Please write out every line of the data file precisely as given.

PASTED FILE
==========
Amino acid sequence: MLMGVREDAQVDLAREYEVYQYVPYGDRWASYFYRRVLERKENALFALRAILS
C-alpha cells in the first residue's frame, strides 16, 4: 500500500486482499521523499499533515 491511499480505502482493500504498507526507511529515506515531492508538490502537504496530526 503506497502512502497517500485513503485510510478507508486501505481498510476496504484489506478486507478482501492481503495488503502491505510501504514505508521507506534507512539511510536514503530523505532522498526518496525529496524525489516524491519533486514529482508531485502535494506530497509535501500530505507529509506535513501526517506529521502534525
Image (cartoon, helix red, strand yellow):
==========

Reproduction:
Amino acid sequence: MLMGVREDAQVDLAREYEVYQYVPYGDRWASYFYRRVLERKENALFALRAILS
C-alpha cells in the first residue's frame, strides 16, 4: 500500500486482499521523499499533515 491511499480505502482493500504498507526507511529515506515531492508538490502537504496530526 503506497502512502497517500485513503485510510478507508486501505481498510476496504484489506478486507478482501492481503495488503502491505510501504514505508521507506534507512539511510536514503530523505532522498526518496525529496524525489516524491519533486514529482508531485502535494506530497509535501500530505507529509506535513501526517506529521502534525
Image (cartoon, helix red, strand yellow):